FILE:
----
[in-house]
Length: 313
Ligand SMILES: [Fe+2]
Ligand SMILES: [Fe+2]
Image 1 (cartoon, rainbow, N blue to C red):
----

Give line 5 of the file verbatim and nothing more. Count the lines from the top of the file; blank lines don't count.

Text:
Image 1 (cartoon, rainbow, N blue to C red):